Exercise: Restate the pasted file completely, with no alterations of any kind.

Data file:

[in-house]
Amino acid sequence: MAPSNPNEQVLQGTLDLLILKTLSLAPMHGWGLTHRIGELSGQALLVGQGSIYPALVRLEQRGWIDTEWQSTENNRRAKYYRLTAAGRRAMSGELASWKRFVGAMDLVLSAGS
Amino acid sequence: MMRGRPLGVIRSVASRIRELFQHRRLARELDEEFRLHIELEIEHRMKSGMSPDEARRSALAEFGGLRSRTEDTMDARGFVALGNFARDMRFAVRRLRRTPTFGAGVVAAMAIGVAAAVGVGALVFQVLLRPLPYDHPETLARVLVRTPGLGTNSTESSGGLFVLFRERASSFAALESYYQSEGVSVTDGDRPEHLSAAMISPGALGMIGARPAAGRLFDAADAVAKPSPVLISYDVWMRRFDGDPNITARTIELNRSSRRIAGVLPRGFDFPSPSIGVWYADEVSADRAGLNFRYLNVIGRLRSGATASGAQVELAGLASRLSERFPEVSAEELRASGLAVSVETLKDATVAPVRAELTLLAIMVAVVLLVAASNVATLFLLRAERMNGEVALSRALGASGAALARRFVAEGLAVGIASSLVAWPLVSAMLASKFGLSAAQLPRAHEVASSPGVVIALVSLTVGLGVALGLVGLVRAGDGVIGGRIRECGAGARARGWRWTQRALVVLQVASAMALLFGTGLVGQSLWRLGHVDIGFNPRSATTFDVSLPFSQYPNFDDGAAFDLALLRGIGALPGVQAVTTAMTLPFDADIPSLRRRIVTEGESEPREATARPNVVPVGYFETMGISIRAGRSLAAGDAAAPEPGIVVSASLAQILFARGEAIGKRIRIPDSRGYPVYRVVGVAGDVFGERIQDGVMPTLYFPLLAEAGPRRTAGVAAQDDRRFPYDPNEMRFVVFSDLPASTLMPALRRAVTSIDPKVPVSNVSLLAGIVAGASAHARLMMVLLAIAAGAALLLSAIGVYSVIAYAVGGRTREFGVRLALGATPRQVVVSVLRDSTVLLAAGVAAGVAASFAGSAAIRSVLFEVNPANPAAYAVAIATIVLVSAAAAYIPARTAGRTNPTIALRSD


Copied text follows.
[in-house]
Amino acid sequence: MAPSNPNEQVLQGTLDLLILKTLSLAPMHGWGLTHRIGELSGQALLVGQGSIYPALVRLEQRGWIDTEWQSTENNRRAKYYRLTAAGRRAMSGELASWKRFVGAMDLVLSAGS
Amino acid sequence: MMRGRPLGVIRSVASRIRELFQHRRLARELDEEFRLHIELEIEHRMKSGMSPDEARRSALAEFGGLRSRTEDTMDARGFVALGNFARDMRFAVRRLRRTPTFGAGVVAAMAIGVAAAVGVGALVFQVLLRPLPYDHPETLARVLVRTPGLGTNSTESSGGLFVLFRERASSFAALESYYQSEGVSVTDGDRPEHLSAAMISPGALGMIGARPAAGRLFDAADAVAKPSPVLISYDVWMRRFDGDPNITARTIELNRSSRRIAGVLPRGFDFPSPSIGVWYADEVSADRAGLNFRYLNVIGRLRSGATASGAQVELAGLASRLSERFPEVSAEELRASGLAVSVETLKDATVAPVRAELTLLAIMVAVVLLVAASNVATLFLLRAERMNGEVALSRALGASGAALARRFVAEGLAVGIASSLVAWPLVSAMLASKFGLSAAQLPRAHEVASSPGVVIALVSLTVGLGVALGLVGLVRAGDGVIGGRIRECGAGARARGWRWTQRALVVLQVASAMALLFGTGLVGQSLWRLGHVDIGFNPRSATTFDVSLPFSQYPNFDDGAAFDLALLRGIGALPGVQAVTTAMTLPFDADIPSLRRRIVTEGESEPREATARPNVVPVGYFETMGISIRAGRSLAAGDAAAPEPGIVVSASLAQILFARGEAIGKRIRIPDSRGYPVYRVVGVAGDVFGERIQDGVMPTLYFPLLAEAGPRRTAGVAAQDDRRFPYDPNEMRFVVFSDLPASTLMPALRRAVTSIDPKVPVSNVSLLAGIVAGASAHARLMMVLLAIAAGAALLLSAIGVYSVIAYAVGGRTREFGVRLALGATPRQVVVSVLRDSTVLLAAGVAAGVAASFAGSAAIRSVLFEVNPANPAAYAVAIATIVLVSAAAAYIPARTAGRTNPTIALRSD